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Time to Sell Strong Funds?

A reader questions the logic of selling a well-performing Strong fund amid the industry scandal.

I own Strong Advisor Small Cap Value Fund, and it has been one of my best mutual funds. Should I think about selling it, out of worry that there may be redemptions that will screw up the way it is managed, or because Mr. Strong has stepped down and he may have been a key person in the fund's success?

Also, my partner has a lot of money invested in Putnam funds. Is it advisable to sell those funds because of the effect of the many redemptions? If so, is time of the essence? I do not care about the ownership of the fund managers, just the effect on the performance of the funds they manage as an investor in those funds.

Neal W.

Dear Neal,

There's no need to panic -- although now is a fine time for investors to take a close look at the funds they own and why. Eight fund companies have been named in New York Attorney General Eliot Spitzer's investigation of the industry, and dozens more have been subpoenaed by the

Securities and Exchange Commission


Allegations of illegal or improper trading have been levied at fund management groups

Fred Alger Management


Alliance Bernstein


Janus Capital Management


, the Nations funds operated by

Bank of America

(BAC) - Get Bank of America Corp Report


Bank One's

(ONE) - Get OneSmart International Education Group Ltd Sponsored ADR Class A Report

One Group funds,

Prudential Securities

TheStreet Recommends

and -- most notable of late --


(a unit of

Marsh & McLennan

(MMC) - Get Marsh & McLennan Companies, Inc. (MMC) Report

) and



Strong and Putnam are particularly egregious examples of abusive trading practices -- in both cases executives themselves were the alleged culprits. (In other cases, the firms were accused of simply being complicit in allowing others to trade their funds improperly.) While the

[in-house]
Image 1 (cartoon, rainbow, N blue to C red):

Strong Advisor Small Cap Value fund has consistently beaten the category average since its inception in 1998, the charges against Strong Investments seriously curb the appeal of this fund.

This quantitative fund was managed by Charles Rinaldi and not specifically named in Spitzer's charges. So sure, portfolio managers do matter, but when the investment management company appears to put the profitability of the firm (and its executives) ahead of shareholder interests, it's hard to make the argument to stay put, despite the fund's more-than-respectable history. The same goes for other Strong and Putnam funds.

Because the value of a mutual fund is inherently determined by the fund's holdings, redemptions won't cause a downward spiral, as in


shares. But large redemptions -- of which we're already seeing much of in these funds -- certainly take a toll on fund performance.

First, the trading costs of redemptions essentially get passed on to existing shareholders -- not paid by the exiting ones. Second, redemptions often force fund managers to sell holdings they would otherwise like to keep. Such internal churn nearly always increases the tax burden on the fund, and generally disrupts the overall portfolio management.

So while there's little reason to hold onto funds operated by firms you no longer have faith in, don't sell simply to "send a message." Rather, carefully consider where you want to deploy your money, given your risk tolerance and asset-allocation plan.

In addition to choosing the type of investment you're replacing your Strong and Putnam investments with, evaluate the type of firm that manages the funds you're considering. Putnam has long had a history of erratic and abrupt manager changes, while Strong has had numerous run-ins with federal regulators over the years.

Also, before you sell, keep your own tax strategy in mind. Selling this close to the end of the year means you'll receive an almost immediate tax impact. That can be a big wallop if you're selling a fund that has (perhaps for the first time in several years) turned a profit.

If you're sitting on big gains, consider selling some now, and some in the new year. If you're selling a fund at a loss, remember that you can only offset $3,000 of ordinary income with any losses that exceed the amount of gains you reap in that year.

While we're still months away from knowing just how systemic these improper trading practices are in the fund industry, a little due diligence now will ease the potential pain of selling and hopefully minimize the chance you'll have to go through this again.

Have a question for Bev on personal finance, tax or mutual fund matters? Write to her at